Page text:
How 9 Story stays productive in a pandemic

President and CEO Vince Commisso explains how the company will maintain its output in the long term during the COVID-19 crisis.
April 22, 2020

There are so many obstacles preventing employees from being productive while working remotely. Whether it’s homeschooling children (which might also involve re-learning some basic math), dealing with demanding pets or struggling with the stress of being alone during lockdown, it’s clear that these issues will only become more significant as the industry continues to produce content during quarantine.

For Canada’s 9 Story Media Group, the key to long-term productivity in the face of the COVID-19 pandemic is a commitment to constantly evolve its work-from-home environment.

Employees were given everything they needed from a technology standpoint to work remotely, says president and CEO Vince Commisso. Productivity has been high, but the company recognizes it will need to optimize each employee’s tools on an individual basis in order to maintain that level of productivity moving forward, he says.

“Some people may not have the best digital bandwidth, or home computers that can handle this type of work,” says Commisso. “Moving forward, that means we’ll have to swap out some of that [older] technology or add to what they already have to make sure they have the tools they need. That will be an ongoing process.”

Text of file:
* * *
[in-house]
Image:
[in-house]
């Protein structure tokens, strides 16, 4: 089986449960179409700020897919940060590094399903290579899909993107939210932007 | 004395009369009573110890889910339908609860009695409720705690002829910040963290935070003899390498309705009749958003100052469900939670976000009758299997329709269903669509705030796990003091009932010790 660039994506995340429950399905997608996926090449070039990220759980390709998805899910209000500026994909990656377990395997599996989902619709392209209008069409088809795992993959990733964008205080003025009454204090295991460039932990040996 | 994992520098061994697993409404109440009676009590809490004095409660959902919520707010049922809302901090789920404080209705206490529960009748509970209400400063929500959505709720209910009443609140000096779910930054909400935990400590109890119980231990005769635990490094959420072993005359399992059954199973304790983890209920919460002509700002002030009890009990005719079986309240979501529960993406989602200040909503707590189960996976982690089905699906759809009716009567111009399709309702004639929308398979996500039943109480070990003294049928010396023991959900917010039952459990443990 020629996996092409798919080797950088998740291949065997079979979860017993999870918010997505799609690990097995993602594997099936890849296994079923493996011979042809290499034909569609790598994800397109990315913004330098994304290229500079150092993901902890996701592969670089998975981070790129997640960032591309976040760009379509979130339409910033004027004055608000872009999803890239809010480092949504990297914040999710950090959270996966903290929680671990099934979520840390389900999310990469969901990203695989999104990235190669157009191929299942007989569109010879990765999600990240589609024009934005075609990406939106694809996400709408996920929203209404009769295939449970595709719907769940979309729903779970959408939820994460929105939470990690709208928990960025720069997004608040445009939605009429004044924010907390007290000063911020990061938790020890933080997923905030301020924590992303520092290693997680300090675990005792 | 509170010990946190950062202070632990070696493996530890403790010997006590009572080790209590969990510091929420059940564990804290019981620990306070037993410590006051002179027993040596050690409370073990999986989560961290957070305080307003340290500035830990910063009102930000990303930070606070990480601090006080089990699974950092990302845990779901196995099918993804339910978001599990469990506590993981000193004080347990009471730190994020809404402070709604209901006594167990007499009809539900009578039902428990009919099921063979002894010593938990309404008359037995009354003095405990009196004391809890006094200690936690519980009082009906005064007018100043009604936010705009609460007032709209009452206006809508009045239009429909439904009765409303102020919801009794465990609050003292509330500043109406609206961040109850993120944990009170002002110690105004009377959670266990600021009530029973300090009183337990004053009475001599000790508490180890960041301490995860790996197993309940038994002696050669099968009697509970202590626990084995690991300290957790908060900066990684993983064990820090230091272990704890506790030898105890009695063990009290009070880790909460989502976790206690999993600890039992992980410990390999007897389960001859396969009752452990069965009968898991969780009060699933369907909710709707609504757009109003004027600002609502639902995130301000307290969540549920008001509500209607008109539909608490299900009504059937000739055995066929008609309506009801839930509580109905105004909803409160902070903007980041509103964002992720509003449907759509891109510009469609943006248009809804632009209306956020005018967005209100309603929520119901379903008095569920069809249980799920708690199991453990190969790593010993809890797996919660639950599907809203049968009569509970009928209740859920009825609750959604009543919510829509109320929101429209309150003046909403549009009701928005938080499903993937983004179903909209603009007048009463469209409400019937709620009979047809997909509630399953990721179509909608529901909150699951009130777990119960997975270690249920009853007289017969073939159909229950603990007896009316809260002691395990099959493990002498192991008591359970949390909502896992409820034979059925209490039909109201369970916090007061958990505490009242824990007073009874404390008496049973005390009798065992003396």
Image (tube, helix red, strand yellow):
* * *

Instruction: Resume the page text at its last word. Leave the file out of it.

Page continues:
But it’s not just technology that will need to evolve as employees’ lives adjust during quarantine—best practices will also need to be updated.

“We’re collecting feedback on the work-from-home situation from each individual part of production,” he says. “Eventually, that feedback will give us data we can use to change production moving forward. We’re not going to hear from any group, whether it’s designers or animators or layout artists, that they want to do things exactly the way they did in the office. That data will allow us to optimize our processes.”

These changes will allow the company to streamline its production while employees are working remotely, Commisso says, but can also be implemented in the office once the lockdown ends.

And as crucial as it is to maintain productivity during lockdown, there is also something to be said for a little understanding, Commisso argues. If the COVID-19 pandemic continues to dramatically alter life on a global scale for an extended period of time, productivity will inevitably be impacted. The only thing a company can do, he says, is listen to employees and support them to the best of its ability.

“This will forever change how we do business,” says Commisso. “And if this doesn’t change how [the entire industry] does business, it’s a blown opportunity.”

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